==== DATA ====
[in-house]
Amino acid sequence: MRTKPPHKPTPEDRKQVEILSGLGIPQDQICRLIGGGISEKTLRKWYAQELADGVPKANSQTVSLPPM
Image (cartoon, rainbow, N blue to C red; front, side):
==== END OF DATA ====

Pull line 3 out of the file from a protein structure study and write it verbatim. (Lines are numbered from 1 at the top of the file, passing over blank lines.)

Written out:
Image (cartoon, rainbow, N blue to C red; front, side):